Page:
Day 2 and I had a proper slept-through-the-alarm-like-a-teenager moment. It goes without saying that I was brain dead for the first hour or so of our discussions in the room, but I found that oddly helpful because it allowed me to hone in on statements that really stuck out to me as potential themes, or character arcs, or plot points.
These 3 sisters are starting to take more and more shape in my head and I keep coming back to three lines I write yesterday, initially as part of the marketing blurb for our sharing invitation, but which made it into a test scene I wrote in the wee hours of the morning.
She wanted to heal a mountain.
She wanted to break the sky.
Familiar idioms, with a twist; idealistic and seemingly impossible to achieve, but tempting and clearly fraught with problematics.
Today’s GRAND moment of insight came about towards the end of the day when we we talking about terms used to describe the traditional roles of Arab women vs. contemporary terms. I was first fascinated that the traditional terms were couched in emotions and the contemporary in the intellectual. My light bulb moment was in thinking about what you sacrifice when you want to achieve something greater and it occurred to me that in the West there is no sense of losing something great when you want to achieve something like freedom; there is also no grand idea because the notion of family and land is not as deep-rooted in places like America where national pride is about a flag or an identity. The exchange is small. In the East, you are willing to do anything for freedom and status for your land and for your family leaving the individual to the last because the first two will take care of the third.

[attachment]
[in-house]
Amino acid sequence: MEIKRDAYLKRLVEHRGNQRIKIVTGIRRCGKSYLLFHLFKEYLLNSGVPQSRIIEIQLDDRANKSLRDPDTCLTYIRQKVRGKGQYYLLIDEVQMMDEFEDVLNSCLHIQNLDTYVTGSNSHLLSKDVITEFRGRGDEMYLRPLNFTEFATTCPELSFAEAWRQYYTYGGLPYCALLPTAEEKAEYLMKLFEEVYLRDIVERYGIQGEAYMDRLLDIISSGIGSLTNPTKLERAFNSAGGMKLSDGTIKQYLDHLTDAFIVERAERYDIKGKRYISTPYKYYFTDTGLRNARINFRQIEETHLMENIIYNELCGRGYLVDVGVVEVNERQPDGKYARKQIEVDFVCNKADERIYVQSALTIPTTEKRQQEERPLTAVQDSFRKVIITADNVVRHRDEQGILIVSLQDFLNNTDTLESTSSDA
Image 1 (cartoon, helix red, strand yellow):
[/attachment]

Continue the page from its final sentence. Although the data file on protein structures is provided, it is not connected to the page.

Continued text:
Maybe that’s why it’s hard for the West to understand why the East fights so hard. To be so passionate about a piece of land? It’s also why the East can’t seem to get their shit together excepting the fact that this is a centuries’ old fight. The connection to the earth and what it signifies is a massive important factor in these decisions usually because the land is all and all is the land. In America or London, for the most part, if you have to move house – you move house. That is a luxury people in the west don’t have. The land is the basin for roots, identity, tradition, and family history.
If the land goes – then you go.
But if we understand the need for freedom and independence and identity through the land then how do you decide which is the right movement and which is the wrong one? Can we even ascribe those terms to opposing sides of the camp? It’s the old adage of thinking about both sides of the war who each think the other side is the enemy and they are in the right.
Maybe that’s why these age-old fights can’t seem to die down. And at the end of the day, I wonder if the one to suffer is Freedom. People die. It is final. Freedom has to stagger on perpetually wounded but unable to die.
It’s enough to do your head in, innit?